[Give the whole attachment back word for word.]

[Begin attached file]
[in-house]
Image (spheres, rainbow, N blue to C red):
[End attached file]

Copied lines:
[in-house]
Image (spheres, rainbow, N blue to C red):